Today is Overlooked (or Forgotten) Film day, a weekly meme hosted by Todd Mason at SWEET FREEDOM. Don't forget to check in and see what other Overlooked (or Forgotten) movies other bloggers are talking about today. Link.
TIMELINE (2003), directed by Richard Donner, is one of those movies that should have been much better than it is but somehow manages to be good enough to recommend. I'd read the book by Michael Crichton a few years ago and therefore, watched the movie with my fingers crossed.
I really had enjoyed the book, probably because I am inclined to like time travel stories. Screenwriters Jeff Maguire and George Nolfi do their best and come up with a pretty good adaptation of what was originally a huge complex novel.
Of course, if it's a Crichton story, you know there's going to be lots of technological mumbo-jumbo and the movie is no exception. (Nor, for that matter, was the book.) Just roll your eyes and push on - that's what I do. There are just some things I am not meant to understand. I accept it.
Billy Connolly and Paul Walker
But still I am a huge fan of time travel plots and TIMELINE is one of my favorites (really there aren't that many others) though the cast of actors aren't all that memorable and really, are just good enough. Well, except for Billy Connolly (why doesn't this man work more - he is such an arresting screen presence) and Gerard Butler who steals the show as hunky Andre Marek, though he gets third billing on the official poster.
But suspicious of some of the data fed them from ITC, Professor Johnston flies back to company headquarters to see what's what.
Before you can say back to the future, Johnston travels back in time to 14th century France but fails to return. The special effects of time travel, by the way, are dandy - entirely credible. Well, if you are inclined to favor this sort of wizardry, that is. In time travel, suspension of disbelief is key.
The students - one of whom, Chris Johnston (Paul Walker) is the Professor's son - are unaware of what has occurred. That is, until they make a rather startling discovery back at the site in France: a pair of bifocals and a letter written by the Professor which dates back to the 14th century.
They then travel to ITC headquarters to find out what's what. Once there, they are shown the time travel gizmo and told of Chris's father's trip back in time. The students - Andre Marek, Chris Johnston and a couple of others, decide they must go back as well to rescue the Professor.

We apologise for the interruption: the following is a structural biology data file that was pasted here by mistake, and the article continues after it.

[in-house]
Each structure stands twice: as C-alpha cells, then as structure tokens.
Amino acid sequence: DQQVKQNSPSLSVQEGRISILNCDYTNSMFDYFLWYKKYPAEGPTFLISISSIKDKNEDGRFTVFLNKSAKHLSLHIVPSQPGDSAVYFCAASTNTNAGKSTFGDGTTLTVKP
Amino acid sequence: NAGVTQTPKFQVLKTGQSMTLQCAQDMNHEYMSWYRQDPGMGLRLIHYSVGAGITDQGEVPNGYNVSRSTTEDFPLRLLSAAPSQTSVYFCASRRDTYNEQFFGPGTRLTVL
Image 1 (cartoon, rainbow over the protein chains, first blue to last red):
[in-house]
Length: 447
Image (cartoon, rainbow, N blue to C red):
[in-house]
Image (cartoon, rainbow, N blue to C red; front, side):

Obviously, in a lengthy Michael Crichton story, there's lots left out, but lots left in. Some of it makes sense, some doesn't. But somehow it all works pretty well if only you pay attention and not worry too much.
Once the modern day group arrives (properly attired) in Medieval France - not the safest place on the planet at that particular point in time - they are in constant danger. Local knights and their minions are waging pitched battles, a castle is under siege and chopping off people's heads appears to be an enthusiastic past time. They also stumble across an ITC employee who has been left behind after the time travel gizmo played havoc with his DNA and internal organs. (A little side-effect the ITC corporation would rather no one know about.)
The costumes, the art direction and general Medieval atmosphere are believable - they didn't call them 'the dark ages' for nothing and it's all lots of improbable movie fun. I just shut my eyes if I feel a beheading or cross-bow or sword hacking incident coming on. There's also a love story between Gerard Butler's character and a local Medieval lass, which affects the outcome of the story. And near the end, the main ITC bad guy, the very unappetizing David Thewlis, gets his in a very satisfyingly ironic, time-related way.
I say, if you have the patience, read the book. If not, watch the movie. I liked both, with the book having the slight edge. (Though of course the book doesn't have Gerard Butler.)
And no real reason to show this pix of Gerard Butler in costume but, really - do I need one?